So this is what history feels like. Painful, frankly. None of the usual meteorological metaphors – earthquake, hurricane, avalanche, landslide, tsunami – seem strong enough. Make no mistake, Theresa May was right. This is the biggest constitutional drama – even crisis – since the abdication.
Actually, it’s bigger than that. It’s the greatest (internal) shock to the British state since the 1918 election. Sinn Fein won 47 percent of the vote in Ireland that year as it all but swept southern Ireland. The Irish Parliamentary Party lost 61 of its 67 seats, every one of them to Eamonn de Valera’s party who increased their representation from 6 to 67. As then, so now.
Even nationalists can’t quite believe this has happened. Motherwell! Rutherglen! Paisley! Coatbridge! Kirkcaldy! All of them places to feature in a new version of an old Proclaimers tune.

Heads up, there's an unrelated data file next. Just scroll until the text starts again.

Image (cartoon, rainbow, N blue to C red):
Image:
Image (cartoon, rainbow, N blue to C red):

It will take time to sink in.
And perhaps that’s a good thing. Perhaps it is time – past time, in fact – there was a rebalancing of the constitutional apparatus. The old ways are gone and there’s no going back. If the Union is to survive it must change. The Smith Commission’s proposals seem like the floor upon which something might be built, not the ceiling of the nation’s ambitions. And, yes, that will means addressing the English Question too.
The referendum taught us that Scotland is a place beginning to dream bigger things; yesterday’s results confirmed that. The SNP’s victory is a reminder that trust is the most valuable commodity in politics. Because the SNP are trusted – rightly or not – to put Scotland’s interests first they are forgiven their sins, contradictions and inconsistencies. They are held – fairly or not – to a different standard than that applied to other parties. There is little point in whining about this; it is just the way it is.